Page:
Tamim tehiyeh im Hashem Elokekha (Deut 18: 13). “You shall be tamim with the Lord your God.” What does tamim mean?
One interpretation of tamim is shalem --complete or whole. When you worship God, you should use your complete self: your heart, your mind, your soul, and your physical body. The Hizkuni reads it this way and quotes the following Proverbs verse as an illustration: Bekhol drakhekha da’ehu. “Know Him in all your ways “(Prov 3:6). Use all the tools available to you to try to reach Him, to know Him and worship Him. Don’t just stick your head in a book. Don’t just pray and sing. Don’t just do acts of loving-kindness. Be well-rounded in your worship of God. As the author of Hovot HaLevavot puts it, we should make sure that our insides match our outsides, that our heart, our tongue and our limbs are all in agreement in their worship of God. Having one part of you do one thing and another do another makes a person dishonest and untrustrworthy. Our whole integrated self is what God wants of us.
This reading may explain the connection to the tamim of sacrificial animals. Such animals must be tamim, physically perfect and whole, without blemish, without any part missing. So, too, we aspire to be complete in our worship of God, to not leave out any side of ourselves.
Tamim also implies a single-mindedness of devotion, a clarity of vision which sees that there are no other gods, there are no other priorities, no competing values to rival our commitment to Torah. Tamim. Be whole-hearted. Do not let any other interests compete with God, siphoning off some part of you and causing you to feel conflicted and confused.
But we are conflicted and confused, unable to be tamim, as whole and blemishless as a sheep. We are humans, by our nature incomplete and restless, restless with worry about the present and the future, restless about our place in the universe, and not so entirely sure about which is the right way to live.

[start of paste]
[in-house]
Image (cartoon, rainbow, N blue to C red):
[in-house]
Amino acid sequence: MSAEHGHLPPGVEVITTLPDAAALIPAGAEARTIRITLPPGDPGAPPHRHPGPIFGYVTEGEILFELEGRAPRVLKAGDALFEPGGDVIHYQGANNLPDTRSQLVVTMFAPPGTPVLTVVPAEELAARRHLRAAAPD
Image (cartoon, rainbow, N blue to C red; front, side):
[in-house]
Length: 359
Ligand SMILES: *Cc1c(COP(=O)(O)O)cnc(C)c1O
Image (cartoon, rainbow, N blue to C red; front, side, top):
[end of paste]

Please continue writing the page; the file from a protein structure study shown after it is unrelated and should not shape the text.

Yes, says the Sefat Emet. All of that is true. And so the verse is careful to say, not simply, tamim tehiyeh, that you will be perfect and whole on your own, but tamim tehiyeh im Hashem Elokekha, that you will be able to reach this kind of shleimut, this kind of wholeness, only by being with God, the sole possessor of shleimut, wholeness, as well as shalom, the peace that comes from such wholeness. It is only in God that we find rest for our restlessness, completion for our incompleteness. Read in this way, the verse does not just prescribe the appropriate attitude toward God, but also describes an opportunity for us to resolve a basic human need.
This tamim verse appears in the midst of a prohibition against the use of witchcraft in the attempt to know the future. People pursue such knowledge precisely because they sense their incompleteness, says the Sefat Emet. The search for the future is an expression of human anxiety and insecurity. But witchcraft does not ultimately alleviate this anxiety, says the Sefat Emet; on the contrary, sorcery aggravates it by setting up the false expectation that humans can know and control their futures.
Ironically, the avenue to wholeness is to give up our solo pursuit after wholeness and instead allow ourselves to be completed through God’s wholeness. On Shabbat, when we cease our restless running, we achieve this wholeness and peace; we receive an extra neshama (soul) from above to complete us. The moment we stop trying to complete ourselves, there is room for us to feel the completeness of the divine presence.
Such a feeling is a kind of prophecy. That is why, says the Sefat Emet, the verse exhorting us to be tamim is followed immediately by the promise of continued prophecy. “The Lord your God will raise up for you a prophet from among your own people (Deut 18:15).” Instead of restlessly seeking a knowledge of the future, if we stand still –like a prophet -- and feel God’s presence, feel ourselves being completed by God’s completeness, we will have achieved the future, achieved a kind of eternal peace.